Ticketmaster Summer in Stages

Shoot/Get Treasure/Repeat - 5

Mark Ravenhill
A Gate Theatre, National Theatre, Out of Joint, Paines Plough and the Royal Court co-production
Various locations
(2008)

Publicity image

Paradise Lost
Paines Plough at Village Underground

Paradise Lost superbly opens the Paines Plough quintet at Village Underground in combative style. This is the kind of searing theatre that one expects from Roxanna Silbert's excellent theatre company.

Michelle Fairley plays Liz, what is now known as a flight attendant. She is suffering from sleepless nights, caused by eerie screams from downstairs.

Driven to desperation, the pyjama-clad neighbour makes a late-night visit to Maria, whom she has never previously met. Raquel Cassidy has victim written all over her in the latter role and immediately garners sympathy from both visitor and audience.

Her quivering terror becomes explicable when a massive burn is revealed on her arm. Liz starts off showing great concern but soon enough begins to wonder whether this might be a case of self harm, in which case outrage might be more the order of the day.

Still, Maria has not uttered a word and before she does, two thugs played by Luke Norris and Edward Dede materialise. They appear to be pimps and first threaten and then assault Maria, even getting out a hammer to make their point.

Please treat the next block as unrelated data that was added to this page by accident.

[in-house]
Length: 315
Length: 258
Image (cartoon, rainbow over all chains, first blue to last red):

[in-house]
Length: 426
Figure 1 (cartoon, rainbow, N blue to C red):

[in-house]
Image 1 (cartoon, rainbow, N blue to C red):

Ravenhill cleverly toys with our perceptions when the lads explain that Maria is a fundamentalist responsible for several deaths on what must have been 7/7.

The play, which showcases both actresses to good effect, then develops in a most unexpected but highly logical progression to a chilling ending that leaves its audience with some very tricky moral questions to debate.

Love (But I Won't Do That)
Paines Plough at Village Underground

This two-hander set in a kitchen, explores the unconventional relationship between a well-to-do businesswoman, Deborah Findley's Marion, and a young squaddie, played by Luke Norris.

The pair have been thrown together by war and develop a mutual dependency that is equally unsatisfactory to both.

Marion is not used to mixing with this sort and cannot help but flaunt her superiority. However, in difficult times, power shifts with incredible rapidity.

The young Soldier has been billeted with the family to offer them protection, following the death of Marion's husband to that old favourite of politicians, friendly fire.

While his middle-aged hostess wntas protection, the Soldier simply wants Marion to become his personal porn movie as reward for his efforts.

The worrying thing is that in today's society, one can believe that women around the world really are faced with dilemmas of this kind and eventually discover that they have no way out.

The Shoot/Get Treasure/Repeat index

Reviewer: Philip Fisher